Consistent with their reasoning, the Court rejected any suggestion that the hypothetical loan should be denominated in USD which would have had a lower funding cost. The Court accepted the suggestion that there was an implicit parental guarantee provided by CVX to support the obligations of CAHPL under the loan, but did not consider that this would have had any impact on the pricing given it was not legally enforceable.


This decision is a significant win for the ATO at first instance. If it is upheld on appeal, it will break what has otherwise been a losing streak for the ATO with transfer pricing litigation. Transfer pricing arrangements amongst international resources players are currently the subject of close scrutiny in Australia, and have been swept up in the public debate about ensuring that multinationals pay their 'fair share of tax'. This debate is becoming more fevered as the investment cycle of the local resources boom comes to an end, commodity prices come off the boil, and Australia remains in fiscal deficit. The more immediate and targeted focus is upon offshore marketing hubs2, but intra-group debt arrangements are as equally low-hanging fruit.

Unlike other items of the BEPS action plan, introducing a more stringent approach to transfer pricing is arguably much easier to implement compared to initiatives such as diverted profits taxes and other measures which require legislative intervention. The typical approach of legislating the arm's length principle within a general transfer pricing provision without further elaboration means that this is by nature an ambulatory concept. It is able to bend and flex as jurisprudence around the arm's length principle develops and changes. It also means that the past transactions can and will be viewed through the prism of a more stringent approach to the pricing of international dealings. The decision of the Court in the Chevron case is not a direct product of the current zeitgeist, but one wonders to what extent this context played a part in the vigor with which this was pursued by the ATO and the willingness of the Court to reject the relevance the comparable transactions which were offered up by the taxpayer.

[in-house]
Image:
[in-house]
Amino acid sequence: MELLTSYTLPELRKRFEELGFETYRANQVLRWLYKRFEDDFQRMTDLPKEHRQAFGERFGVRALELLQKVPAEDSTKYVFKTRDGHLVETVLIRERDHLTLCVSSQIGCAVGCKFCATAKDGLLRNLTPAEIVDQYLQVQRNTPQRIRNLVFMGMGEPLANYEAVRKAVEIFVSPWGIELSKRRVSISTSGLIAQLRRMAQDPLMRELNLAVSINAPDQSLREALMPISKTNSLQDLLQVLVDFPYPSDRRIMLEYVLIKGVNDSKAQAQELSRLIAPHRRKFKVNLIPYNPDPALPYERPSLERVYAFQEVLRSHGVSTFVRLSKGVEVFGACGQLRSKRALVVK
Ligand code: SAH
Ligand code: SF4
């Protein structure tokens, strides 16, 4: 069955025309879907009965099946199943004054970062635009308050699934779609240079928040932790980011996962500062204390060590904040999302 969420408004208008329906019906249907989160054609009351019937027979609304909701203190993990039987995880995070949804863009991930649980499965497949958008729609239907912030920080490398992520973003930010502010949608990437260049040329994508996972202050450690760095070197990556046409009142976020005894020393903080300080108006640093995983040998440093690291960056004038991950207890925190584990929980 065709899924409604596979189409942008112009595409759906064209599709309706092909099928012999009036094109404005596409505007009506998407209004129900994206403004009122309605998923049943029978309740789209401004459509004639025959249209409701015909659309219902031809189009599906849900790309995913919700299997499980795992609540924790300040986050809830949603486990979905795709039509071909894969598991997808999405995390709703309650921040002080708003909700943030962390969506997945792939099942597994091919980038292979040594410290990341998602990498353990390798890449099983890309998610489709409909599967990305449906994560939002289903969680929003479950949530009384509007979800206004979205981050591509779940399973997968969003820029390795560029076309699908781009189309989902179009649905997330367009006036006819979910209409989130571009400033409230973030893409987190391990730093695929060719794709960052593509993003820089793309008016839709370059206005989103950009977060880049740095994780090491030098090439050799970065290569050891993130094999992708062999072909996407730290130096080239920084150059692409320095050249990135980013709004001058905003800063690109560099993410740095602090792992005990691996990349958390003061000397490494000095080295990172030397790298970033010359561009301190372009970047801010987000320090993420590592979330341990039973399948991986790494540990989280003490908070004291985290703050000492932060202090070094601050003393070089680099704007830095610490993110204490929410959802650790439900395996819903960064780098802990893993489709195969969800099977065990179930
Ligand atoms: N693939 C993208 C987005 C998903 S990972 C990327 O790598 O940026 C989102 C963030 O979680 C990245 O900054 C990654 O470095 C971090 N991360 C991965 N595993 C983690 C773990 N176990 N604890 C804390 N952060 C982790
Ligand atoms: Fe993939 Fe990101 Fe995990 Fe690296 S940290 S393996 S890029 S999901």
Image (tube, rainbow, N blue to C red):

It would seem that one of the only ways to provide absolute certainty going forward for higher value transactions is to engage with tax authorities and obtain an advanced pricing agreement (APA), as time consuming and expensive as this can be. A unilateral APA in the country of greatest transfer pricing risk would be the simplest version, though potentially not as useful as the more comprehensive approach of applying for a bilateral APA. For lower value transactions, selecting a conservative pricing position that is supported by a profit-based pricing methodology may be a pragmatic way forward.



[1] SNF (Australia) Pty Ltd v Commissioner of Taxation [2010] FCA 635

[2] Offshore marketing/trading hubs based in Singapore and Hong Kong are under close examination at the moment. This is due to the imposition of little or no taxation imposed on trading gains in these jurisdictions.